greatness and recognition. Another comes to the art without noticeable skill, but through constant effort and relentless discipline rises and improves to grasp at the master’s heels. Is that journey worth nothing? Must one surpass all others to be praised, or is it enough to improve beyond one’s present limitations?

I already know the answer to this.

Despite all my effort, my skill proved insufficient to garner public
awareness. But with the Visitor’s gift–the brush, its wood stained
and charred black like a log from the hearth.

For a moment, I feel my fists clench, the old fury building and
burning like bile in my chest. Every so often it strikes me that I can
still feel anything at all.

I try to avoid the eyes of the portraits around the room–the ones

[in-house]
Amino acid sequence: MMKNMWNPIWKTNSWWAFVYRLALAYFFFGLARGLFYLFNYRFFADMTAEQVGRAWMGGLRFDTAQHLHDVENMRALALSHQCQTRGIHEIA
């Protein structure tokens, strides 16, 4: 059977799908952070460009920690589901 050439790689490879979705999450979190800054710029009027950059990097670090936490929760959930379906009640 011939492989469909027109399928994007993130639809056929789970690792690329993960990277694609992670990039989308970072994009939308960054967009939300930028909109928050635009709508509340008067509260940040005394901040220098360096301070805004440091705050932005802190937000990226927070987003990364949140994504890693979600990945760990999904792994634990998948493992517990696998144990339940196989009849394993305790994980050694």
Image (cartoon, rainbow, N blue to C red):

that face me, at least. My best work, indeed, but also my worst. I
dare not dwell on it, but every time I behold one of those faces, the
rush of grief and guilt threatens to consume what’s left of my heart.

“Serathil’s methods are inscrutable,” the Visitor hissed so many years ago, his hand extending his dark gift. “Even to the best of your kind. But there are other ways to capture a… life-like, soul-full
quality.”

In the gallery, I watch the man lead his companion across the hall to
my most famous piece–Dawn Kisses the Snowtips. The ivory walls of Aulivar gleam and the City’s towers cast long shadows that seem to move with the viewer. Sunlight flares off white peaks on the horizon, and clouds shift in hue from crimson to amber to gold based on where one stands.